Bitmasks are useful to store boolean settings. In Fortran, their use remains somewhat confidential in the sense that it is not easy to find examples of use. I have started to use them and show in this blog article a typical scenario for bitmasks.

### Fortran bitmasks

Bitmasks are useful to store boolean settings. In Fortran, their use remains somewhat confidential in the sense that it is not easy to find examples of use. I have started to use them and show in this blog article a typical scenario for bitmasks.

### Testing a NumPy-based code on Travis with plain pip and wheels

### Fortran, CMake and git

There is an interesting peak of activity around Fortran: a new website for the Fortran standards committee, a GitHub organisation around Fortran FOSS, Fortran libraries for convenience functionality (command-line arguments parsing, strings, JSON file handling, I probably miss others). Still, it is troublesome to find practical information on how to use modern tools of software developments with Fortran. I focus only on open-source tools.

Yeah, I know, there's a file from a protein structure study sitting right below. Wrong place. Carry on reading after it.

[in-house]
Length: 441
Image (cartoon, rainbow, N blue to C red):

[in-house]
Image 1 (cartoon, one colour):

### Testing the compact Hilbert index

In 2015, I worked to implement the so-called "compact" Hilbert index. You can read about it here. After some feedback on the code, I decided that I wanted to investigate "how good" the compact Hilbert actually is. In this post, I compare my code to Chris Hamilton's original code (using a program by Peter Colberg) and verify the basic promise of the compact Hilbert index (keep the ordering of the full Hilbert index).

### Developing a Cython library

For some time, I have used Cython to accelerate parts of Python programs. One stumbling block in going from Python/NumPy code to Cython code is the fact that one cannot access NumPy's random number generator from Cython without explicit declaration. Here, I give the steps to make a pip-installable 'cimportable' module, using the threefry random number generator as an example.

### A concise derivation of the Wiener-Khinchin theorem

While teaching a class on statistical physics, I found myself unhappy with textbook derivations of the Wiener-Khinchin theorem. I worked my way to a very short derivation that is free of integral bounds manipulations and of holes, or so I believe.

In either the books by Balakrishnan (